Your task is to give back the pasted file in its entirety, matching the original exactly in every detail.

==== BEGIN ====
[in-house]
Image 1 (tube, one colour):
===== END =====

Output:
[in-house]
Image 1 (tube, one colour):